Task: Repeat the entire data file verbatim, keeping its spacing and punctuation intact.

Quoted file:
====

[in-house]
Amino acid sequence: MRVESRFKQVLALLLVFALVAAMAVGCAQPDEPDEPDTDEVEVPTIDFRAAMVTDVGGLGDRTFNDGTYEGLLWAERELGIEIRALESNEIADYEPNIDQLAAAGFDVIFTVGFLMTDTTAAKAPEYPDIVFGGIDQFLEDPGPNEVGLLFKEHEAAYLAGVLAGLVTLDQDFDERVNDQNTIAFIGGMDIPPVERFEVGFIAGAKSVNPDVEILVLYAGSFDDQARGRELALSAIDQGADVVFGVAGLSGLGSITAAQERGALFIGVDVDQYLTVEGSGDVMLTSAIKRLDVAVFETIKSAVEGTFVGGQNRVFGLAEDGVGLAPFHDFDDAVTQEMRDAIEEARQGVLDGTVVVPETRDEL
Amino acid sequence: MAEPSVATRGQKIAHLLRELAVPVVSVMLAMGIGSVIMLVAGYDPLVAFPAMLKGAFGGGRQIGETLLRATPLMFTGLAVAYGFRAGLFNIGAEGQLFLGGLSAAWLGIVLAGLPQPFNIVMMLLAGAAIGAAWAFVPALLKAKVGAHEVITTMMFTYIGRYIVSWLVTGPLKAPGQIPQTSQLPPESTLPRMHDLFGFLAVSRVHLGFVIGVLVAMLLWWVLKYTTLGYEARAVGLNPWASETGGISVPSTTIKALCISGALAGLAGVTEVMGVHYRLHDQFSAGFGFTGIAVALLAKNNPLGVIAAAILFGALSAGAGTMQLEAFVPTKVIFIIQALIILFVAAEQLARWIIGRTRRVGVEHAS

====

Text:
[in-house]
Amino acid sequence: MRVESRFKQVLALLLVFALVAAMAVGCAQPDEPDEPDTDEVEVPTIDFRAAMVTDVGGLGDRTFNDGTYEGLLWAERELGIEIRALESNEIADYEPNIDQLAAAGFDVIFTVGFLMTDTTAAKAPEYPDIVFGGIDQFLEDPGPNEVGLLFKEHEAAYLAGVLAGLVTLDQDFDERVNDQNTIAFIGGMDIPPVERFEVGFIAGAKSVNPDVEILVLYAGSFDDQARGRELALSAIDQGADVVFGVAGLSGLGSITAAQERGALFIGVDVDQYLTVEGSGDVMLTSAIKRLDVAVFETIKSAVEGTFVGGQNRVFGLAEDGVGLAPFHDFDDAVTQEMRDAIEEARQGVLDGTVVVPETRDEL
Amino acid sequence: MAEPSVATRGQKIAHLLRELAVPVVSVMLAMGIGSVIMLVAGYDPLVAFPAMLKGAFGGGRQIGETLLRATPLMFTGLAVAYGFRAGLFNIGAEGQLFLGGLSAAWLGIVLAGLPQPFNIVMMLLAGAAIGAAWAFVPALLKAKVGAHEVITTMMFTYIGRYIVSWLVTGPLKAPGQIPQTSQLPPESTLPRMHDLFGFLAVSRVHLGFVIGVLVAMLLWWVLKYTTLGYEARAVGLNPWASETGGISVPSTTIKALCISGALAGLAGVTEVMGVHYRLHDQFSAGFGFTGIAVALLAKNNPLGVIAAAILFGALSAGAGTMQLEAFVPTKVIFIIQALIILFVAAEQLARWIIGRTRRVGVEHAS